Welcome to the 7th episode of ‘absolutely intercultural!’.
After a round of feedback we continue our discussoin about “Culture as the software of the mind” in our column ‘absolutely theoretical!’. We talk about how we integrate updates into our daily lifes and will continue the next time with another aspect.
OK, and we couldn’t help noticing that there is something going on in Germany right now – The FIFA World Cup 2006, so the rest of this show is devoted to the game of all games!
For our column ‘absolutely personal!’ Anne interviewed John Brodie, a member of the tartan army, about a trip to Belarus he made last year and why he is cheering for the Togolese team right now in Germany.
Right after that we have a report of an eyewitness of the match Sweden vs. Trinidad & Tobago. Marie Nilsson from Sweden will let us sneak a peek into the stadium.
And for the last part of the show, which we might call ‘absolutely prepared!’, Laurent has interviewed Dr. Beate Blüggel, who works for the “Deutsche Volkshochschulverband” and who has organized the welcoming of millions of fans from all over the world in German trainstations.
We hope you enjoy the show. Please let us know what you think about it by leaving a comment here on the blog or by writing us an email. You are of course always welcome to send us an audiocomment and make suggestions on what we should talk about in our shows.
The show opens with a song but what is the language?
Translating the idea of software of the mind into practice, why not listen to today’s guest talking about the time she lived in a different country and note the tone of her voice when she talks about something which was obviously incompatible with her cultural programming. You may learn more about Icelanders than you do about Scotland which is where Icelander Gunnhildur Oskarsdottir spent three years.
After a little round of feedback the German station continues its discussion about the metaphor of culture as the software of the mind, and this time they focus on updates.
We finish with the Polar Bear podcast where you will always find out something new about Sweden in every episode. This extract comes from a special joint episode in March where Andy, the Polar Bear podcast host teamed up with Bruce of the Canadian Zedcast podcast and in which they compared notes about misconceptions about their respective countries.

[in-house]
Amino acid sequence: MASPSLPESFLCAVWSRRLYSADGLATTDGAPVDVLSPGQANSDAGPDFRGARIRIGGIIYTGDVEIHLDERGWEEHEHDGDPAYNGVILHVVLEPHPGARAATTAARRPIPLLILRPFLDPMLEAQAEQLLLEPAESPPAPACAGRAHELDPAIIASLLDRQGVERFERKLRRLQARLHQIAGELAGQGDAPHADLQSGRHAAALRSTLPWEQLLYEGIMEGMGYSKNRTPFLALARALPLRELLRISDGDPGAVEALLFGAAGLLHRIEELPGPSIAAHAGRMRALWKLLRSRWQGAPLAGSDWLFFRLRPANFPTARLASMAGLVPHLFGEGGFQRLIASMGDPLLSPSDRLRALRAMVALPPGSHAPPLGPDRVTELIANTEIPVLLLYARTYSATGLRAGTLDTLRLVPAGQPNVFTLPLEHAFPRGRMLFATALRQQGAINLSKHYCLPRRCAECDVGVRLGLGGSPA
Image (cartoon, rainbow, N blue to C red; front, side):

In our last show we went east, and this time we are going north. The fourth show of ‘absolutely intercultural!’ is all about Scandinavia!
The show starts with “The Screaming Men of Finland”.
Right after that I asked Thomas Brevik from Bergen, Norway why he has two professional blogs? One in Norwegian and one in English? And if I had spoken in Danish and he in Norwegian, would we have understood each other?
What’s in a name? The law on names changed in Denmark recently so Trine-Maria Kristensen decided to change her name … or did she?
The show ends with a short piece about the living library, where you can not only borrow books…
Thanks to all of you for your numerous comments after the first show – we were overwhelmed by your response! In our second show we ask ourselves: Can intercultural awareness be taught in a classroom? Can it be taught in online courses?
We start by giving you some quotations from the 17 comments of feed-back on the first show. Fernando, a Spanish student who is doing his internship in Germany explains how surprised he was to hear Germans discuss different olive oils as if they were wines. Alexandra gives examples of how you can teach intercultural communication by facilitating intercultural experiences between participants of different countries. Ana shares her experience of an intercultural business simulation between her university and universities in Sweden and Lithuania.
And then we ask you, the listeners: Have you got any experience with intercultural classes? Perhaps even online? How can we gain intercultural awareness? In our gossip column Tommy from Denmark tells us how the Mohamed-cartoons crossed his holiday plans in Egypt and in our look at our favourite podcasts with cultural contents we hear about solar radio for coffee traders in Ruanda.